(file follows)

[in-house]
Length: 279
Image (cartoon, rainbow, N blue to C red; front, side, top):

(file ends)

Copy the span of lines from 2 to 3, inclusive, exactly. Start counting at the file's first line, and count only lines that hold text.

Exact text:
Length: 279
Image (cartoon, rainbow, N blue to C red; front, side, top):